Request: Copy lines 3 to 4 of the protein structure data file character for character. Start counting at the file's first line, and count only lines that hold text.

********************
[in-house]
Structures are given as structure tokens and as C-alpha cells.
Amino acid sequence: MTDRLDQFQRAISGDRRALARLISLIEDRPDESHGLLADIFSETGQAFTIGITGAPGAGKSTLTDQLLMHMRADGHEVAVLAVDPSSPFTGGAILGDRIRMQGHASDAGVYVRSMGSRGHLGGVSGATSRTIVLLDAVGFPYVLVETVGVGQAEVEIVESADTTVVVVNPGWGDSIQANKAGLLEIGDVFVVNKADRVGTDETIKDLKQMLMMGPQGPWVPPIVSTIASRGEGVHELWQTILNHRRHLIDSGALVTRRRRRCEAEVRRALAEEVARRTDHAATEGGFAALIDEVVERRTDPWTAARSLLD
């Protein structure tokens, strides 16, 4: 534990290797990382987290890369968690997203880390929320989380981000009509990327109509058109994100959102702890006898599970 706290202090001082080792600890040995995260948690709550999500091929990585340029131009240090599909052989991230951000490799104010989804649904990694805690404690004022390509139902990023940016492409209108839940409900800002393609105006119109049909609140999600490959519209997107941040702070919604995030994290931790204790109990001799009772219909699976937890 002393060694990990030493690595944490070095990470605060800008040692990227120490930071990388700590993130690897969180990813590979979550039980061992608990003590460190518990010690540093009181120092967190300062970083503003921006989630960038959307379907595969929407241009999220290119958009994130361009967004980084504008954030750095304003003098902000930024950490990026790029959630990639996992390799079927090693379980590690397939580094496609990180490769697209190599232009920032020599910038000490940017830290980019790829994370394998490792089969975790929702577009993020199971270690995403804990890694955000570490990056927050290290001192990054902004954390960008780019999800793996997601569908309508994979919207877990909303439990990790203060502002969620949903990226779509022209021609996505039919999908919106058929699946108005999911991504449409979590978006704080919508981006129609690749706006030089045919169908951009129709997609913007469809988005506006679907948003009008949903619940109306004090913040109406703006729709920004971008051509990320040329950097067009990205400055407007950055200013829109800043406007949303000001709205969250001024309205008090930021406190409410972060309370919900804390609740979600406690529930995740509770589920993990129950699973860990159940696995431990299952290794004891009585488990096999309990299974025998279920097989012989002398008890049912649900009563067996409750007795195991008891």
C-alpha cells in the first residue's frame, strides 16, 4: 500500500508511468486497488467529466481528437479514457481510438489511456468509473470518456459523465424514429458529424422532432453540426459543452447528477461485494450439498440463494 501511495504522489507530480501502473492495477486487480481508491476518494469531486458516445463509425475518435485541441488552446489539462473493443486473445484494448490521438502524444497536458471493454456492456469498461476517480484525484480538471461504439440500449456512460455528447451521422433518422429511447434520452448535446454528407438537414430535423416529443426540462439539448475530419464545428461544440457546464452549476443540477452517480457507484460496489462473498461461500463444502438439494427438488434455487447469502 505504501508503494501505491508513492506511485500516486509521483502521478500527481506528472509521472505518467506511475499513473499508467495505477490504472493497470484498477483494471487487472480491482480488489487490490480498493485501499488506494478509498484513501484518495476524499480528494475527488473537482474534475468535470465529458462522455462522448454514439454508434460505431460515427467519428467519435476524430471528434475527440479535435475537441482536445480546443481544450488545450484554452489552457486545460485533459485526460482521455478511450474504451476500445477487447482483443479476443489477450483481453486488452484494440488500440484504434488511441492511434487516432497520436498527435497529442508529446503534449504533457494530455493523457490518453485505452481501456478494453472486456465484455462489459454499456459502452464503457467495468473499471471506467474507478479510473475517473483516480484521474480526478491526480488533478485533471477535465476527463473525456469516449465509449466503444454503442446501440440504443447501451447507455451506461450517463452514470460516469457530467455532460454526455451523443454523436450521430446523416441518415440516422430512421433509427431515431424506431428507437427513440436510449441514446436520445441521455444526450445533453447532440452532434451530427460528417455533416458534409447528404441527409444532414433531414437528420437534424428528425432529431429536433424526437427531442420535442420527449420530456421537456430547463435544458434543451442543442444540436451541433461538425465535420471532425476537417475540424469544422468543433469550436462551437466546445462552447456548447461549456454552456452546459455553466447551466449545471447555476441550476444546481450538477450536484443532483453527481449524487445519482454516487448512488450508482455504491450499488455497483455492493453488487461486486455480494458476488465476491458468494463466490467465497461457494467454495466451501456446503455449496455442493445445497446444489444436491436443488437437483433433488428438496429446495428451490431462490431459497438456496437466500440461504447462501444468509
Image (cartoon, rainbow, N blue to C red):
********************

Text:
Amino acid sequence: MTDRLDQFQRAISGDRRALARLISLIEDRPDESHGLLADIFSETGQAFTIGITGAPGAGKSTLTDQLLMHMRADGHEVAVLAVDPSSPFTGGAILGDRIRMQGHASDAGVYVRSMGSRGHLGGVSGATSRTIVLLDAVGFPYVLVETVGVGQAEVEIVESADTTVVVVNPGWGDSIQANKAGLLEIGDVFVVNKADRVGTDETIKDLKQMLMMGPQGPWVPPIVSTIASRGEGVHELWQTILNHRRHLIDSGALVTRRRRRCEAEVRRALAEEVARRTDHAATEGGFAALIDEVVERRTDPWTAARSLLD
């Protein structure tokens, strides 16, 4: 534990290797990382987290890369968690997203880390929320989380981000009509990327109509058109994100959102702890006898599970 706290202090001082080792600890040995995260948690709550999500091929990585340029131009240090599909052989991230951000490799104010989804649904990694805690404690004022390509139902990023940016492409209108839940409900800002393609105006119109049909609140999600490959519209997107941040702070919604995030994290931790204790109990001799009772219909699976937890 002393060694990990030493690595944490070095990470605060800008040692990227120490930071990388700590993130690897969180990813590979979550039980061992608990003590460190518990010690540093009181120092967190300062970083503003921006989630960038959307379907595969929407241009999220290119958009994130361009967004980084504008954030750095304003003098902000930024950490990026790029959630990639996992390799079927090693379980590690397939580094496609990180490769697209190599232009920032020599910038000490940017830290980019790829994370394998490792089969975790929702577009993020199971270690995403804990890694955000570490990056927050290290001192990054902004954390960008780019999800793996997601569908309508994979919207877990909303439990990790203060502002969620949903990226779509022209021609996505039919999908919106058929699946108005999911991504449409979590978006704080919508981006129609690749706006030089045919169908951009129709997609913007469809988005506006679907948003009008949903619940109306004090913040109406703006729709920004971008051509990320040329950097067009990205400055407007950055200013829109800043406007949303000001709205969250001024309205008090930021406190409410972060309370919900804390609740979600406690529930995740509770589920993990129950699973860990159940696995431990299952290794004891009585488990096999309990299974025998279920097989012989002398008890049912649900009563067996409750007795195991008891």